So come the Royal Rumble of 2004 and Goldberg, having lost the WHC at Armageddon to (surprise, surprise) Triple H was tearing the competition apart and looked like a cert to walk away with the title shot when Brock Lesnar interrupted and cost Goldberg his chance by F5ing him- beginning the feud (I am overlooking the whole interview interruption). Goldberg would get his revenge the following PPV by costing Lesnar his WWE Championship against Eddie Guerrero with the help of Raw Sheriff Stone Cold Steve Austin. This would lead to a match being made for Wrestlemania 20- Lesnar vs Goldberg with Stone Cold Steve Austin as the special guest referee.

It was common knowledge that Goldberg was going to walk out of his contract after his match at Wrestlemania. What totally blindsided the match was the leaked announcement that Lesnar would be leaving after Wrestlemania 20 as well to pursue a career in the NFL. This was made all the more worse that Wrestlemania XX would be hosted in Madison Square Garden. There is not many smarkier crowds than MSG and few that would make their voices known more.This wasn't helped by the fact that the first two thirds of the match is very slow (even JR calls it "very pedestrian"), allowing the crowd to basically chant away to their hearts' content without missing much.

The WWE would like you to think that this match was sabotaged due to the leaking of Lesnar's departure a week or so beforehand that tied the WWE's hands. But this seems to be a tad dismissive and doesn't address some of the questions. For example, if the WWE were so sure that the news that both men were going to leave was going to be leaked, why is Austin in this match? Surely the idea of Goldberg vs Lesnar is a big enough match by itself, why would you get Austin there to muddy the waters as a guest referee? But if the WWE were worried that the MSG crowd may turn on both superstars because they knew that both were leaving than Austin being included makes perfect sense- as it gives someone for the crowd to cheer for.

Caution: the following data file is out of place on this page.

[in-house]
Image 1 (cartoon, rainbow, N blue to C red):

Furthermore, the angle really feels like one that was pasted together because WWE knew that both competitors could be blown off after Wrestlemania. It's a clash of the titans, but not one that really feels that either character is going to develop because of it. Nothing's at stake except personal pride- and even that seems pretty vague. Neither were great talkers so the angle couldn't really grab a lot of heat through promos and the WWE were very flat-footed when the Lesnar news hit the wrestling pages. It's almost as if the WWE had already used their emergency glass-cased 'IN-CASE-OF-EMERGENCY' guest referee to hype the match because they were aware this would happen, but had nothing to up the ante when the backlash occured.

So how could you avoid this schmozzle? Well, say the WWE knew or had a fair idea that both men were leaving by Survivor Series- perhaps a stretch, perhaps not. Well then the obvious thing to do would be to have Lesnar bury the Undertaker alive instead of Kane. Lesnar would then lose the title at No Way Out after the gong sounding rather than a spear from Goldberg and would freak out, believing that he had put away the Undertaker for good. At Wrestlemania 20 then it would be Brock Lesnar vs the Undertaker as he returned as the Deadman. Lesnar had beaten the BikerTaker, but the Deadman would be a different proposition.